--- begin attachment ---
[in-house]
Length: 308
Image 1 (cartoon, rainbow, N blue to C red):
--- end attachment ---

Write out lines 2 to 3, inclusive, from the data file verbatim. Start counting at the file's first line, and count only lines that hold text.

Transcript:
Length: 308
Image 1 (cartoon, rainbow, N blue to C red):